German energy giant EON expressed confidence in its planned massive assets swap with RWE’s renewable energy subsidiary, despite weaker first quarter results released Monday.
Essen-based group EON, which suffered terrible losses from 2014 until 2016 due to restructuring and Germany’s abandoning of nuclear power, has since got back in the black, but its figures were down for the first quarter of 2019.
Between January and March, its adjusted net profit — which strips out discontinued operations in the renewables segment, as well as other non-operating effects — declined 11 percent year-on-year to 650 million euros ($730 million).
Its adjusted operating profit also fell eight percent to 1.17 billion euros.
The figures roughly tally with the expectations of analysts from financial services provider Factset, which expected adjusted net income of 626 million euros and adjusted operating income of 1.15 billion euros.
“Aside from the special case of the United Kingdom,” where capped prices and keen competition saw a sharp decline in the group’s profits, “our core businesses delivered a solid performance,” said chief financial officer Marc Spieker.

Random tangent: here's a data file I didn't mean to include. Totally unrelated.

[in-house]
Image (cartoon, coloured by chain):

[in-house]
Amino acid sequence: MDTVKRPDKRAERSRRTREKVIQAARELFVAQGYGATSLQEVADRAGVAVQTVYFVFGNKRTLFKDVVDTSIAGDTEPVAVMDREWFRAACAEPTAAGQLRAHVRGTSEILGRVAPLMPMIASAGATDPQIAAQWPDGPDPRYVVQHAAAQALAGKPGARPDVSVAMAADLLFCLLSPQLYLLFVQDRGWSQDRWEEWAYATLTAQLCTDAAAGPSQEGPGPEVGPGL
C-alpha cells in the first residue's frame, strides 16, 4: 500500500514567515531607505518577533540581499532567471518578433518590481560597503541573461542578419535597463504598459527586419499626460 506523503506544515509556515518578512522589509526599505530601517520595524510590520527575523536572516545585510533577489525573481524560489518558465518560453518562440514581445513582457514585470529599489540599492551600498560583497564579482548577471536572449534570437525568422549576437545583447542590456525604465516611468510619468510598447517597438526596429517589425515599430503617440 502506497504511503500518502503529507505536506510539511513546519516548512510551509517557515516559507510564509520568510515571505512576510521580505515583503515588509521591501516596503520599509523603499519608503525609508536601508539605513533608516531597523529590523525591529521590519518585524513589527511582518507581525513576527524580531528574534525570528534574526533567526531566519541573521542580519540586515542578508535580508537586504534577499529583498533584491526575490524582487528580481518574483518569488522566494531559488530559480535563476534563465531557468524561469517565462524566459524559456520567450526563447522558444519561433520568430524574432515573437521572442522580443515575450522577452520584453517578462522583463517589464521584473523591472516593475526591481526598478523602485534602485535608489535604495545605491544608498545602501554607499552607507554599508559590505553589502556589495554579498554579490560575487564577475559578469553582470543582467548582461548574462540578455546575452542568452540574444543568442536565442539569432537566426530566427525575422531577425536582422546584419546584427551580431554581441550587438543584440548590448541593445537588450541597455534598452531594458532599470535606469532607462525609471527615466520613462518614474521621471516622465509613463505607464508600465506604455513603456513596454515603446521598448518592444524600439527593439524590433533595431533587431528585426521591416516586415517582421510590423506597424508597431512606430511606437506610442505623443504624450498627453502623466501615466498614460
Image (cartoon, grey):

The German energy giant has confirmed its target for adjusted operating income for 2019 is between 2.9 and 3.1 billion euros.
The adjusted net income is expected to be in the range of 1.4 to 1.6 billion euros.
Last year EON announced plans to take over German rival RWE’s renewables unit Innogy as part of a complex asset swap deal set to shake up the energy sector.
“The planned transaction with RWE is right on schedule,” EON said of the deal that is expected to impact the two energy giants’ financials.
EON added that as expected, the European Commission in March opened an in-depth probe into the deal but that the company was “confident that it will obtain the necessary approvals in the second half of 2019”.
The redistribution of assets allows the two former rivals to specialise in energy distribution and production respectively.